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Post by cristinaro » 03 Apr 2018, 02:50

I think the author's intention was to show the variety of ways in which people respond to abuse and she was successful in doing this. I am curious about the further development of the plot and whether or not we learn what happens with the other members of Natalie's family in the future.
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Post by lbhatters » 03 Apr 2018, 08:52

Tbunde5 wrote:
01 Apr 2018, 21:55
While Natalie is the central figure of the book, I found it fascinating to see the interactions of all the children. Robyn, who wets the bed; Shirley, who has a vicious mean streak; and Natalie, trying to hold them all together. Do you think the author gives an honest portrayal of the effects of abuse in children?
Absolutely. I used to be a caretaker for a dysfunctional family, and all three of these things were being manifested in the family. The father would have major outbursts of anger at the wife, the son of about 10 years old was wetting the bed, and the daughter of about twelve was trying so hard just to keep the peace. The parallels here are incredibly similar, and accurate.
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Post by Jkhorner » 03 Apr 2018, 12:59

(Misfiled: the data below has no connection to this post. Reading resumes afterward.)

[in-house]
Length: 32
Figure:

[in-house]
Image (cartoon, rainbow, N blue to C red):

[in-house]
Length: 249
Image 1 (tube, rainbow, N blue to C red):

I can't speak from personal experience, but from my counseling training I can confirm that bed-wetting and angry interactions with the world are both indicators that there is something wrong going on at home. As commenter azerikaj mentioned, even Natalie's sexual desire is a common result of childhood abuse.

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Post by SABRADLEY » 04 Apr 2018, 09:21

I think the author addressed some realistic results of childhood abuse, but these are just the tips of the iceberg. There are countless indicators for abuse.

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Post by mcfeealexis » 04 Apr 2018, 13:24

I feel that abuse can affect people different ways and it also depends on what type of abuse may it be physical or emotional. As I person that has felt emotional abuse when I was younger I did not even realize it affected me until later on in my life. I do think this gave a great representation of what someone who is affected by abuse would act.

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Post by Aisha I » 04 Apr 2018, 18:25

Yes, I think the author was so honest in portraying the emotional effects of child abuse as I can still figure out the trauma Natalie must have been through towards trying to keep her family together by all means at a very young age. it is a burden she needs not to carry at that age of hers while her mother still lives.

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Post by mmklundt » 04 Apr 2018, 20:31

The effects of abuse on children is far reaching. The noticeable effects vary depending on the age of the child and the type of abuse. Nothing in this book seemed unusual or inappropriate to me.